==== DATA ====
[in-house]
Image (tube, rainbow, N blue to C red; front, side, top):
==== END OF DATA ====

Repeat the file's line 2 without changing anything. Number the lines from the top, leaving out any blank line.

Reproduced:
Image (tube, rainbow, N blue to C red; front, side, top):